Today, this unique village serves as an interesting open-air museum, where you can step back in time to see what Italian life was like in the golden days. The carvings which were found on the cave’s wall suggest it may have been settled during the Paleolithic era.
The village was named after the Mangiapane family, who used to live in the village from the early 1800’s until around the 1950’s, and thanks to this family the village is still exists.
After it was abandoned in the middle of the 20th century,it appeared the village would face a slow but terminal decline.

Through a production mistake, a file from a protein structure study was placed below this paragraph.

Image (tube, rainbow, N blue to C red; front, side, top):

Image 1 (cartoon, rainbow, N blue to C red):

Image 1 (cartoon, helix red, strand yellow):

A group of numerous local volunteers consulted with the Mangiapane family member and preserved the village almost precisely as it was. A visit to Mangiapane starts well before you reach the stone and earth covered houses, stores, and places of worship of the village. The gorgeous cave rises eighty meters into the sky and in the village, you’ ll have the chance to explore at the site, which stretches from the area at the base of the cave to seventy meters inside, where there are worksites, homes, and the original furniture and tools therein.
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